• The number of annual interstate moves fell to 379,000 over the year to March 2023 (Chart 3), down from a record high of 509,000 over the year to March 2022. However, it is unlikely all recorded interstate moves actually occurred in the year to March 2022. Interstate moves are estimated using change of address data captured through Medicare, which saw an unprecedented increase due to widespread updating of Medicare records as people received vaccinations for COVID‑19, particularly in the June to December 2021 quarters.
Chart 2. Overseas migration, year ending
Chart 3. Interstate migration, year ending

All states and territories experienced population growth in the year to March 2023

  • Annual population growth increased in all states and territories except Tasmania, the Northern Territory and South Australia in the year to March 2023 (Chart 4). New South Wales had its fastest annual growth in the series’ history (which begins in June 1981), while Queensland and Western Australia had their fastest annual growth in the last decade.
  • Western Australia was the fastest growing jurisdiction in the year to March 2023, driven by high overseas migration. Victoria overtook Queensland to be the second fastest growing jurisdiction in that period, growing faster than Queensland for the first time since December 2019.
Chart 4. State and territory population growth (per cent), year ending quarterly
  • Population growth across all jurisdictions was largely driven by high overseas migrant arrivals and subdued migrant departures over the year to March 2023 (Chart 5).
  • Tasmania and the Northern Territory were the slowest growing jurisdictions over the year to March 2023 due to interstate migration outflows and a comparatively smaller share of net overseas migrants.
  • Queensland maintained the largest net inflows of internal migrants over the year to March 2023, followed by Western Australia and South Australia. All other states and territories had net outflows.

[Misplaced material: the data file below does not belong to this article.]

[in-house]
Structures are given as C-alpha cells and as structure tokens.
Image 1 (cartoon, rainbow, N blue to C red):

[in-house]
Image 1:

• There were smaller annual net interstate migration (NIM) outflows for New South Wales and Victoria compared to a year earlier. The remaining states and territories recorded falls in net interstate migration over the same period, with larger falls in interstate arrivals compared to falls in interstate departures.
Chart 5. State and territory population growth and components, annual
A map of Australia with different coloured bars and text

Note: South Australia’s annual NIM was an inflow of 150 persons.

Net moves to regions have fallen but are still above pre‑pandemic levels

  • Net internal migration for regions outside capital cities was 6,000 in the March 2023 quarter, a decrease of 700 from the December quarter and down from a peak of 12,000 in the March 2021 quarter (Chart 6).
    • The number of capital city residents moving to regions fell to its lowest value for a March quarter since 2015. This was largely offset by a similar fall in the number of departures from regions to capital cities.
Chart 6. Net internal migration for regions outside the capital cities, quarterly

Note: No data available for June 2021 to December 2021.

Table 1. Population and population growth across Australia
State ERP ERP Increase ERP Increase Natural
31 March
Since 31 
annual % annual
 NSW 8,293,965 156,277 1.92 33,071 -30,213 153,419
 VIC 6,766,559 161,691 2.45 29,690 ‑5,644 137,645
 QLD 5,418,453 124,197 2.35 22,924 31,070 70,203
 SA 1,844,616 29,174 1.61 3,360 157 25,657
 WA 2,855,594 78,342 2.82 14,557 11,121 52,664
 TAS 572,660 2,388 0.42 501 ‑1,994 3,881
 NT 251,654 2,129 0.85 2,125 ‑2,745 2,749
 ACT 464,601 8,944 1.96 2,607 -1,752 8,089
 Australia* 26,473,055 563,205 2.17 108,844 NA 454,361

* Includes other territories comprising Jervis Bay Territory, Christmas Island, the Cocos (Keeling) Islands and Norfolk Island

Table 2. Upcoming major population releases
Release Former catalogue Release date
Deaths, Australia, 2022 3302.0 27/09/2023
Births, Australia, 2022 3301.0 18/10/2023
National, state and territory population, June 2023 3101.0 14/12/2023
Overseas migration, 2022‑23 N/A 15/12/2023


Further detail is available from the ABS in National, state and territory population, March 2023.